If you are not able to view this “telegraphing” video, please click here. Telegraphing movements is a common error in the martial arts. What is “telegraphing”? To me, telegraphing denotes extraneous or preparatory moves before the intended technique. In boxing
If you are not able to view this abanico double action video, click here. Keep in mind that abanico means “fanning.” Notice how, in the side to side version, the stick is moving in a fan like motion. To achieve
If you are not able to view the video of the Reverse Figure 8, click here. The Reverse Figure 8 is one of the traditional moves that the late Professor Remy Presas taught and is one of my favorite techniques.
If you are not able to see this redonda video, click here. Redonda is a circular whirlwind movement. Done at high speed, this looks like a downward “X” movement. Performed precisely by a skilled player, the redonda movement can look
If you are not able to view the video, please click here. Banda y Banda is Spanish for “side to side.” As can be seen from the video, this looks deceptively simple. I say “deceptively simple” because many miss out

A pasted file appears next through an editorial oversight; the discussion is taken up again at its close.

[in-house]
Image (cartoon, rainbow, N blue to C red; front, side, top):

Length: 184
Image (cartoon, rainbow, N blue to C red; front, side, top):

If you are not able to see this video, click here. The umbrella block is often used against an overhead attack, otherwise known as angle #12 in Modern Arnis. While I covered the technical aspects of this technique in the
Recently, I came across this video on Facebook, and it stood out to me. Take 10 minutes of your time and watch the whole thing. Some saw it as a metaphor for death regarding confronting the fear of the unknown.
“Stealing the lead” is a term often discussed in the context of tapi tapi. “Stealing the lead” means that one player has reversed the momentum of the other player and is driving on the other. In other words, one player
What is ambidexterity? In Modern Arnis, it is the ability to perform techniques with either hand. Every student of mine strives to learn techniques, whether it be cane, knife, or stick with both the right and left hand. The late
A concept that I teach in class concerns spinal alignment. I often explain that a weak structure will be easy to exploit. By breaking an opponent’s structure or moving the spine out of alignment, we can gain the advantage. Thus, disrupting